Jesus demonstrated a life of perfect communion with God. He interacted with his Father throughout the day, spent entire nights conversing with him, and explained to his disciples that he only did what his Father told him to do. As a human being, Jesus experienced the distractions, frustrations, and struggles we all face (Hebrews 2:14-18), yet always kept his ear turned toward heaven. What keeps us from having the confidence that we, too, can converse with God day in and day out?
One of the greatest hindrances might be our preconceptions as to what God should sound like. We hold onto stories of quaking mountains or burning bushes or tongues of fire, but those are the exceptions, not the rule for how God speaks in Scripture. Rabbi and Hebrew scholar David Wolpe points out that this was an issue for young Samuel when God called his name:
Samuel did not understand that the voice belonged to God, because it seemed so ordinary. He took it for Eli’s voice, for surely the voice of God would be accompanied by awesome signs, by peals of thunder. Samuel’s lack of experience was his failure to realize that God does not speak in earsplitting declarations, but in subtle messages to the heart.[i]
Impressions of the Heart
This is how God speaks most often—in gentle impressions of the heart. As we wait in stillness and sense his presence, we are aware that a voice other than our own has joined our thoughts. Dallas Willard suggestes this still, small voice is God’s way of coming into our souls to “make our thoughts his thoughts.”[ii] François Fénelon, martyred for his commitment to Jesus Christ in the late 1600s, encourages us to be silent in order to let God speak, and then “listen in the stillness of your heart.”[iii]
While we cannot command how and when God will converse with us, as we share our burdens, our concerns, our questions, and our fears, waiting in stillness for him to respond, he often will. Can we be mistaken about what we hear? Yes, and a later section examines this question. For now, accept the reality that he has waited for this moment, knocking patiently at your soul’s door. The God of the universe is calling your name—can you hear him? He wants to reveal himself, to make his voice familiar to you—will you let him?
Practicing Prayer: Getting to Know God’s Voice
Preparing Your Heart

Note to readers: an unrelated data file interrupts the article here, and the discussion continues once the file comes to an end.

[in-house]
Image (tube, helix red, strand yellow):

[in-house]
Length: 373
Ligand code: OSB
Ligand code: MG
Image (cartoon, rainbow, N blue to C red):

Spend a few minutes thanking God for his presence and desire to converse with you. Affirm in faith that you are one of his sheep and therefore can know him and hear his voice. Ask for his guidance as you pursue the practice of conversational prayer.
Read 1 Samuel 3:1-11 and consider the following questions:
- What was the situation concerning God’s Word at this time? (verse 1)
- What was true of Samuel concerning God’s Word? (verse 7)
- Why was Samuel living in this place? (See 1 Samuel 1:20-28.)
- Where was Samuel when he first heard the voice? (verse 3)
- What does this represent? (See Exodus 25:22.)
- What enabled Samuel to finally hear God’s Word to him? (verses 10-11)
Although few heard God’s voice during this time in history, God chose to speak to a boy who had no real experience of him. Spend a few minutes considering what you’ve just read. What can you learn from Samuel regarding your own ability to hear God?
Read the following verse aloud prayerfully: “Blessed are those who listen to me, watching daily at my doors, waiting at my doorway” (Proverbs 8:34).
Share with Jesus your desires and your concerns about conversations with him. Then ask if he wants to speak to you. Wait in stillness. If you sense you have heard something, jot it down. You don’t have to be certain—we learn as we go.
You have been reading and praying along with Tricia McCary Rhodes from The Soul at Rest. The book is a beautiful 40 day journey into developing a life of prayer. Learn more or get the book here. Connect with Tricia at soulatrest.com.
[i] David J. Wolpe, In Speech and in Silence: the Jewish Quest for God (New York: H. Holt, 1992), 152–153.
[ii] Dallas Willard, Hearing God: Developing a Conversational Relationship with God (Downers Grove, IL: IVP, 1999), 102.
[iii] François Fénelon, Christian Perfection (New York: Harper & Row, 1941), 156.